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Completed in 1975, the Superdome is a landmark civic structure that took on a new worldwide image when it was used as shelter during Katrina. Intended only as an evacuation locale of last resort, the Superdome quickly turned into hell on earth when tens of thousands of refugees ended up there. It became a symbol of suffering, neglect, and despair, as people were trapped without sufficient food, water, medical care, or, it seemed, hope.

Just months later, the New Orleans Saints reopened the Superdome in 2006 to much hoopla for their first home game (and a halftime show featuring U2), and went on to the playoffs. Three years later they won their first Super Bowl ever (in Miami), to rejoicing far beyond the city boundaries. Atop the team’s gleaming success and the Dome’s $118-million renovation, the entire building was then “reskinned” in glittery gold tone, a shining beacon of what can arise from the darkest Katrina days. What arose 2 years later was a lucrative naming-rights deal with Mercedes-Benz and the 2014 Super Bowl—capping a huge symbolic comeback. Do join the locals in a chant of “WHO DAT?!”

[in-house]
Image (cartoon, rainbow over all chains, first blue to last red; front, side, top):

The stats: It’s the largest fixed-dome structure in the world (680 ft. in diameter, covering 13 acres), a 27-story windowless building with a seating capacity of 76,000. Inside, there are no view-obstructing posts, and movable partitions and seats allow reconfigurations. Besides sports events, this flying-saucer-like building hosts conventions, balls, and concerts, as does its sister Smoothie King Center next door. Champions Square, its adjoining outdoor plaza, has become pre- and post-game central and home to many a festival and special event.